Keigh-tugh-qua, better known as Chief Cornstalk, was a well respected leader in the Ohio Valley. Both Indians and white men knew Chief Cornstalk as a man who wanted peace with the white men.  But he felt forced to defend his people on this spot at Point Pleasant, against who he called “Long Knives”, the colonists of Virginia. At that point he wanted to turn the frontier red with the Long Knives’ blood.  Although the Indians were defeated, Chief Cornstalk did survive this battle.

In 1777, Cornstalk returned to Point Pleasant to warn the settlers that the British were trying to incite his tribesmen to attack.  Fearing an unpleasant encounter, Cornstalk and companions were imprisoned at Fort Randolph, where he was killed by a dozen rifle shots while standing at the doorway of his room. After moving his burial place several times, his remains were brought back here for their final resting place near the field of his most famous battle.

Statue of Mad Anne Bailey along the Ohio River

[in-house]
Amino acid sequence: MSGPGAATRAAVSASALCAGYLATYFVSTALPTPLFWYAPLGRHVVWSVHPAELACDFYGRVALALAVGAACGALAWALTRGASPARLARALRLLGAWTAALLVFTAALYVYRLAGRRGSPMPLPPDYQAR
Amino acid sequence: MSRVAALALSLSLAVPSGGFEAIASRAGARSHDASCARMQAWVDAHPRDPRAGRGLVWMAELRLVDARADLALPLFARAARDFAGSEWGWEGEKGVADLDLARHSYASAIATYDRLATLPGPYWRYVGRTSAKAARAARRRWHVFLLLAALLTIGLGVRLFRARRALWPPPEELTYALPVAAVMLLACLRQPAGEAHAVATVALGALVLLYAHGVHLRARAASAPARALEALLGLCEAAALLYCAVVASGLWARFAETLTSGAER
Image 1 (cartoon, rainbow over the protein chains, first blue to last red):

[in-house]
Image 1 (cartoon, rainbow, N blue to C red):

Statue of Mad Anne Bailey along the Ohio River

One interesting monument marks the burial spot of Mad Anne Bailey, whose husband, Richard Trotter, was killed at the Battle of Point Pleasant. This statue along the Ohio River shows frontier scout Mad Anne dressed in buckskins as she delivered messages to remote places throughout the Virginia area to avenge her husband’s death. “Mad” escapades in fighting the red savages on the frontier earned her the nickname of “Mad Anne”. Later she married John Bailey, who was stationed at Fort Lee (Charleston). Mad Anne has been given credit for saving Fort Lee from destruction as she rode alone at nearly fifty years of age for gunpower to Fort Savannah (Lewisburg), which was a two hundred mile trip. Her reward ? The black horse she rode. At the age of seventy, Mad Anne lived in a cave until her son William, who she left with friends at the age of seven, found her and took her to Gallipolis to live in a tiny cabin near his family.